Why There are Fortresses Next to Starbucks

Ever wonder why American cities have hulking, 19th-century fortresses scattered amidst Starbucks and apartment complexes? I did.

Since I work out in a YMCA that’s housed in a mammoth armory and my office is located next to a midtown Manhattan brick behemoth, I figured I’d bone up on how these enormously imposing structures came about—and why it is that such primo real estate was given over to these Medieval-looking buildings.

Turns out that after the Civil War—the one that modern-day racists want us to think was about “states’ rights” (not the right to own and sell human beings, they insist)—the newly rising industrialists were nervous about the scrofulous masses getting out of hand.

Here in NYC, a taste of workers’ militancy was on display in the draft riots in 1863, in which more than 100 mostly Black New Yorkers were killed when some white workers fought against the privileges of the wealthy who could pay $300 to avoid the draft. It was a horrible displacement of class rage by a bunch of workers who themselves were scapegoats, as many of the rioters were Irish. Historian Mike Davis has a pretty good description of this “schizophrenic consciousness of the immigrant poor: their hatred of the silk-stocking rich and their equal resentment against Blacks.”

Nonetheless, tens of thousands of other white workers in New York signed up to join the war to abolish slavery, but those days of street violence provided a terrifying glimpse of class tensions and the rising rich were spooked.

Robber barons of the Gilded Age, such as John Jacob Astor and William Vanderbilt, stepped in to finance the construction of domestic fortresses to store arms and house regiments of soldiers in the event of civic unrest, that is, strikes.

Wouldn’t you know it, but those clever bastards were on to something!

The decade of the 1870s was known as the Long Depression. Well, in all truth, they first called it the Great Depression, but the 1930s sucked even worse so they later changed the name. (Note to era namers: don’t get too comfy with Great Recession for the current period.)

By 1873, a quarter of NYC’s workers were unemployed, thousands of businesses were failing nationally and even the booming railroad construction industry squeaked to a halt. Bosses slashed wages across the country.

Workers launched a movement for “Work or Bread” and marched by the thousands in Boston, Chicago and New York. In January 1874, more than 7,000 gathered in New York’s Tompkins Square, which horrified the elite so much that they sent police in to beat and terrorize the crowd, inaugurating what historians agree was a period of “extreme repression.”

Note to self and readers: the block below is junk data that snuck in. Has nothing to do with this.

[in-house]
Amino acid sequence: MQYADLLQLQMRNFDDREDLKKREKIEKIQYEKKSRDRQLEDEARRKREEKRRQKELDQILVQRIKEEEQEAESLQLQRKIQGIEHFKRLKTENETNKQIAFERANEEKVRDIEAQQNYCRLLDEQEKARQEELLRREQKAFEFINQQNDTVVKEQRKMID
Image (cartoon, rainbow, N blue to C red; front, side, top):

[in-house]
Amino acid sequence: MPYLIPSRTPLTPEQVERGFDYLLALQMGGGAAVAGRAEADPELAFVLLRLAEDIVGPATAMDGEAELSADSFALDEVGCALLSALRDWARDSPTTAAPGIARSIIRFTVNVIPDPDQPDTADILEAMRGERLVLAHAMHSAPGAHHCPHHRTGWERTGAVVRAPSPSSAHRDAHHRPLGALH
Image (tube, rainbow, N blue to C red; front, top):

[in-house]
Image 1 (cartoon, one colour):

A national railroad strike in 1877 both expressed and fed into a greater escalation of class tensions. One Pittsburgh railroad magnate responded to the strike action in that city saying, let’s feed them “a rifle diet for a few days and see how they like that kind of bread.” City after city was paralyzed in the strike, which rose as the economy began to recover a bit, and yet greedy bosses still insisted on wage cuts and longer hours.

One speech before 20,000 workers in Tompkins Square that summer derided the policies of President Rutherford B. Hayes (a forgettable one-termer with an awesome beard) as a choice between “the hangman’s rope and the soldier’s bullet.” The police charged the crowd and beat dozens until folks dispersed.

By the end of the 45-day strike—and I’ve skipped over several more bloody battles in between—Wall Streeters were convinced they needed to have a way to regularly deal with workers’ militancy. The War Department (notice how they didn’t call it the Defense Department in those years) began funding a system of armories in cities across the country. Some were started with public funds, but the robber barons poured millions of their ill-gotten-gain into these fortresses to protect their booty.

In NYC, the first armory in the world opened in 1879 on the Upper East Side—smack in the middle of the wealthiest neighborhood in the country. These folks weren’t taking any chances with their new mansions. The Seventh Regiment Armory, also known as the Silk-Stocking Armory, still stands along Park Avenue stretching to Lexington Avenue, between 66th and 67th Streets. Today, it occasionally hosts the Royal Shakespeare Company and art shows.